Astronomers declared last year that they had spotted water vapor in the atmosphere of an exoplanet dubbed as K2-18b with temperatures conducive for living. However, the large size of the planet made the possibility uncertain.
The exoplanet K2-18b is intriguing for scientists and it could broaden the range of exoplanets astronomers target for potential life.
In 2019, astronomers peered into the atmosphere of the exoplanet and discovered both water vapor and possibly livable temperatures.
A study suggested that the Super-Earth, 124 light-years away from our planet, could be a habitat to an ocean world.
According to Nikku Madhusudhan from Cambridge's Institute of Astronomy leading the study, "A central conclusion of our study is that the planet -- K2-18b -- is potentially habitable. There is a reasonable chance that the planet hosts a large ocean underneath the atmosphere at pressures and temperatures similar to those in the Earth's oceans."
The University of Cambridge team used the mass, radius, and atmospheric data of the exoplanet K2-18b. They identified that it is possible for the planet to host liquid water at habitable conditions beneath its hydrogen-rich atmosphere.
124 light-years away in the constellation Leo and about eight times the size of Earth, it is the right distance from its star to conceivably harbor life.
The exoplanet was discovered in 2015 and is one of the hundreds of Super Earths - planets bigger than Earth but smaller than Neptune.
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This distant world is one of the more than 4,000 exoplanets that have been discovered to date.
It rose to fame last September when two different teams announced in the journal Nature Astronomy the discovery of water vapor in the exoplanet's atmosphere.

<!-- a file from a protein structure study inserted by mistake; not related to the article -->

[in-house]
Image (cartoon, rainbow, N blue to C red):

K2-18b is an exoplanet orbiting a red dwarf star K2-18 situated in the middle of the habitable zone -- not so hot that liquid water would evaporate from the surface, and not so cold that water can freeze.
Madhusudhan said, "Water vapor has been detected in the atmospheres of a number of exoplanets but, even if the planet is in the habitable zone, that doesn't necessarily mean there are habitable conditions on the surface."
"To establish the prospects for habitability, it is important to obtain a unified understanding of the interior and atmospheric conditions on the planet -- in particular, whether liquid water can exist beneath the atmosphere."
The research team has elucidated the composition of both the atmosphere and interior of K2-18b.
Despite the size of K2-18b or it being a mini-Neptune, its hydrogen envelope is not too thick and the water layer could have the right conditions to support life.
A large amount of water vapor is also present in the atmosphere, along with lower-than-expected levels of ammonia and methane.
Aside from having the right temperatures, a living world requires an atmosphere with the right pressures to maintain life. A rocky interior for water is helpful too.
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